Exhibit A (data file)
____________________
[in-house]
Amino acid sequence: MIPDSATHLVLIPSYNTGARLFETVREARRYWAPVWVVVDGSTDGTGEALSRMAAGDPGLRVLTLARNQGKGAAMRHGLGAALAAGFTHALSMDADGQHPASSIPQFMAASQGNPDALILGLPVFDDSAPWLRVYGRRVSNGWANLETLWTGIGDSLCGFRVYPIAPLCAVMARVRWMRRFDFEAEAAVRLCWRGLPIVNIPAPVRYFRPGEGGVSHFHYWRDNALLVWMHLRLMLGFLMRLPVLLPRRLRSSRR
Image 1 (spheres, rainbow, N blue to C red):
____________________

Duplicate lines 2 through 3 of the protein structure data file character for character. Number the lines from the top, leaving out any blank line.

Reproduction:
Amino acid sequence: MIPDSATHLVLIPSYNTGARLFETVREARRYWAPVWVVVDGSTDGTGEALSRMAAGDPGLRVLTLARNQGKGAAMRHGLGAALAAGFTHALSMDADGQHPASSIPQFMAASQGNPDALILGLPVFDDSAPWLRVYGRRVSNGWANLETLWTGIGDSLCGFRVYPIAPLCAVMARVRWMRRFDFEAEAAVRLCWRGLPIVNIPAPVRYFRPGEGGVSHFHYWRDNALLVWMHLRLMLGFLMRLPVLLPRRLRSSRR
Image 1 (spheres, rainbow, N blue to C red):